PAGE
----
Online gambling: take advantage of others… once again
NOTICE: I’m sick of government policies that often put profit generation above the real needs of our whānau and local communities; for example, how the game works in Aotearoa.
The game is celebrated, promoted and more and more standardized in our country. But the damage to lives is routinely hidden and not publicly discussed.
I work for the Salvation Army, a Christian church serving people and whānau in difficult situations. Oasis is our gambling harm treatment and support service, serving people across the country. We see daily the real and significant damage people face as a result of their gambling addiction, and the link between gambling and homelessness, financial hardship, lack of food and other social issues.
Gaming supporters like to point out the benefits of gambling to the community because of the distribution of gambling losses among community groups. But think about it carefully. In my mind, things just don’t add up.
* Gaming spending took off in the last quarter of last year
* Lotto’s online bingo plans under fire
* Call for less slot machines near poor communities
* Phone application developed to curb compulsive gambling behavior
As a nation, we have effectively declared that we accept that some of the money created by gambling losses and damage to slots, casinos and the TAB be used to help those who have suffered. gambling and other critical harms thereof. same play activities.
Your gambling expenses (or your losses, for that matter) can end up paying for the harms and addiction you might develop as a result of this activity.
This is a broken model. Drug addiction and the harms associated with gambling activities fund gambling treatment services for these same addictions and harms.
I am not convinced that any level of charitable funding to the community can effectively mitigate the major damage caused by gambling within these same communities.
For me, the “ community benefit ” argument that gambling providers often claim raises major questions about the morality, effectiveness and legitimacy of the people, whānau and community organizations profiting from the harms of gambling. and the addiction suffered by other New Zealanders, including those in their very own communities.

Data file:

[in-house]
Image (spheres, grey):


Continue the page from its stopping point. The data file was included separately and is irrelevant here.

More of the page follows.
In this context, I find it astonishing that the government is currently signaling a change in regulations and a possible expansion of online gambling products. The Salvation Army has strongly opposed any expansion of gaming activities throughout our long history. In recent years, we have been strongly opposed to the government supporting a failed racing and betting industry.
Now the government is focusing on online gambling through a review process. The shadow of “profit over people” looms again.
In mid-April, I wrote a short advocacy article titled Just one click away: online gambling in Aotearoa. Online gambling is already legal in Aotearoa via TAB and MyLotto betting. Online gambling is already large and growing.
For example, in 2017-2018 there were 746,000 registered MyLotto players. In 2019-2020, there were 1.2 million registered players. Digital Lotto sales topped $ 430 million in 2019-2020, an 89% increase from the previous year. And the Covid-19 lockdowns were great for these businesses.
Lotto New Zealand said Covid-19 led to much higher than expected player registrations and digital sales.
Our Oasis service reports that the number of people seeking help with online gambling issues has increased over the past year. In early 2020, 5% of Oasis customers sought help with online gambling misdeeds. By the end of 2020, that figure had grown to almost 15% of all Oasis customers. Increased use leads to increased damage.
Given these numbers and the reality of harms and gambling addiction, I believe online gambling has the potential to be even more dangerous for people and whānau than slots and other forms. of gambling because of the ease of access and the private, hidden and isolated nature of this form of gambling. Changes and expansion of regulations are coming for online gambling.
They are just a click away, really. And the case for the welfare and benefits of the community that drives these regulatory changes and the expansion of online gambling are already strong. In my opinion, these arguments essentially prioritize profit over people, income over harm, and the needs of big business over misdeeds and the realities of our whānau and local communities.
* Ronji Tanielu works for the Social and Parliamentary Policy Unit of the Salvation Army New Zealand, Fiji, Tonga and Samoa, Te Ope Whakaora.